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Polishing Emerald Slices


#1

What would you recommend for polishing Emerald slices and also
tourmaline slices? We have felt wheels, aluminum wheels and copper
wheels available also tripoli, aluminum oxide and chrome oxide
readily available.

Best regards,
Robert P. Lowe Jr.
Lowe Associates - Brasil
Gemstones, Rough, Specimens
e-mail: robertplowejr@juno.com
(in the USA 22 Aug. - 31 Oct.)
e-mail: @Robert
(in the Brasil after 31 Oct.)


#2

Robert, both materials polish nicely using .04 micron aluminum oxide.
You can use leather disks if you don’t need a real flat surface or a
lead or tin type lap if the surface needs to be optically flat.


#3

Robert,

I have had good success polishing Tourmaline slices using Tin Oxide
on a leather end plate. I don’t see why it shouldn’t work equally as
well using Tin Oxide on a hard felt wheel. Tin Oxide is my all purpose
polish for Tourmaline, Beryl and Agate. I think its a little more
expensive than some others, but sure gives a high polish. Haven’t
tried the chrome or aluminum oxide on tourmaline and Beryl.

Douglas Frey
@d.d.frey
www.dfrey.saskatoon.sk.ca


#4

I am interested in what others say on the subject. My personal
experience regarding tourmaline slices is that you cannot polished
them successfully with something like a Genie because of the curvature
of the wheel. They need to be polished flat like on an All-U-Need. I
have lots of crummy watermelon tourmaline slices that I thought I
could fix by repolishing them, and it doesn’t work if you are using
curved wheels - the center of the stone doesn’t get polished unless
you dome it, and then you lose your flat slice look.

Carol —


#5

Robert, you can use Sapphire type “A” powder (.3 micron) for the
tourmaline and emerald; I have gotten a slightly better polish on the
emerald with top quality (Super)cerium. Johnson Brothers
(818-705-7400) sells both. I polish slices on a flat lap like the All
U Need by Hi Tech–I use their Tech 10 polish pad which is comparable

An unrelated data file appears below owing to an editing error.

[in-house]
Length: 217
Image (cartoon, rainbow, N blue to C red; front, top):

to a hard felt. Bill Navran


#6

Howdy Robert, Realizing there will be a lot of suggestions and some
experiemntataion on you part will yield a good working solution for
you I will offer a couple of starting points to try. You should
definitely use the AlOx for the tourmaline. If not requiring perectly
flat surfaces try a water ‘slurry’ or paste of AlOx on the felt. Use
of a drop of liquid detergent may help. Use a spray or squirt bottle
occasionally to keep the felt dampish. large pieces could be handheld
but attaching to a dowel stick (dop) 4-5" long allows more (and
safer) control. remember, you’ve already prepolished it flat right? So
the polishing will not really remove that much material. Flatter
surfaces will certainly be obtained on the copper (flat disks?)
wheels. If the water slurry doesn’t work try an oil based carrier
(WD-40,Stoddard solvent,olive oil,etc.). Most of my faceting related
polishing occurs well under 500 rpm on 8" discs. Though my forst
choice for emerald would be cerium oxide, I’d try the above techniques
with Chrome and AlOx. The aluminum may not work well as is but a hard
paste wax (carnauba) applied first then used with an oxide slurry may
work well. have you thought of trying a CD-Rom? Do you have access to
caste acrylic sheet? Let us know what works for you OK? Carl 1 Lucky

Texan


#7

Hi Robert,

Do you have access to enough end-grain Cocobolo, Purpleheart,
Goncalvo Alves or Ironwood to make an 8-10" polishing lap, or can you
gain access to a decent (flat) copper lap? If so, after first
smoothing out your slices on the X-fine (1200 mesh, or better) SiCarb
grit we’d once discussed, I’d suggest you try using a thin, watery
slurry of Aluminum Oxide (2 Tbsp. of AlO2 and three small drops of
dish detergeant in a pint of water, well shaken, then applied to your
polishing lap with an eyedropper or paintbrush), and keeping the
lap’s surface damp, neither wet nor completely dry. The friction
between lap/compound/workpiece will take care of your polish in short
order, but only if you’ve taken the time needed to effectively
prepolish each piece. Are you heading up to MA, this trip? If so,
you’re welcome to stop by my place for some hands-on coaching. Just
drop me a line or give a ring, if you’re going to be on the area.

Best Regards,
Doug Turet
Another Bright Idea!
P.O. Box 162
Arlington, MA 02476
(781) 643-0389
@Douglas_Turet
www.anotherbrightidea.net


#8

Look at the Diamond Pacific Catalog. You can install flat wheels on
your Genie. You can also put removable flat laps on either end of your
machine. I have rigs set-up with different types of wheels. Finish
with 50,000 grit/micron on your flat lap. Don’t use the syringe method
on leather. Buy the diamond charged flat laps from Diamond Pacific.
Use a good pump! This is clean and easy and a good way to do
tourmaline or most any slices.

Galen A Rossop
New World Gems
The Gemstone Supermarket


#9

Robert, In my commercial lapidary the cabbers use flat laps for
sanding, pre-polish and final polish. 1 grit diamond powder works very
well for the final polishing and produces excellent results.

Yath M Iqbal
Intergem Exports and Ceylon Sapphires International